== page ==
- Somebody left this balloon mini-me right on the pedestal with Buster Simpson's sculpture of a bunch of golden finials at the Frye Art Museum party last Friday night.
Buster Simpson is one of Seattle's foundational artists—and the guy who's left more art out in public in this city than anyone else. Belltown has been called Simpson City. That refers to its good parts. Now he's the artist on the redesign of the central waterfront.
He's been running around impishly doing all this since the 1970s, after having gotten his start with a catastrophic installation at Woodstock in 1969.
The whole story of the artist is now on HistoryLink.org, the great online archive of Washington State that was founded back in the day by Walt Crowley and has become an invaluable resource. Here's the overall story, and here's the story of his first installation in Seattle in 1973, a little known installation/performance/sculpture/squat co-created with Chris Jonic called Selective Disposal Project. (I wrote them. I've started doing some writing on the side for HistoryLink, and it's really fun to just step back, research, and tell history.)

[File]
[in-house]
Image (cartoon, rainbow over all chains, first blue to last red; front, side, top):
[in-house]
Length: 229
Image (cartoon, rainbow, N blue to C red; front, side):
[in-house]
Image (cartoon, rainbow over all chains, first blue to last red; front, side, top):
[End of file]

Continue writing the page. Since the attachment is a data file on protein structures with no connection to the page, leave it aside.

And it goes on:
Make sure you get to the Frye Art Museum by October 13 to see the first-ever comprehensive museum survey of Buster Simpson's work, with sculptures, installations, videos, photographs, and plans to reshape the centers of whole cities and plant the scion of an English tree on the lawn of the U.S. Supreme Court. Buster is still, always, fighting the bullshit.